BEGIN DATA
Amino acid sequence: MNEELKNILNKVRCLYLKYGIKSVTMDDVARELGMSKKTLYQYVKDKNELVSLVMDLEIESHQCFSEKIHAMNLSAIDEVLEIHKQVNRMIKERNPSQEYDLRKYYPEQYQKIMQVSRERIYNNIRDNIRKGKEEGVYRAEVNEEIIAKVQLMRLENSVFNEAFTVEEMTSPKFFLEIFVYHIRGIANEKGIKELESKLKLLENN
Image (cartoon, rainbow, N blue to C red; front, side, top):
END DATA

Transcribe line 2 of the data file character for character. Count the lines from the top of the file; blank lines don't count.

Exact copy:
Image (cartoon, rainbow, N blue to C red; front, side, top):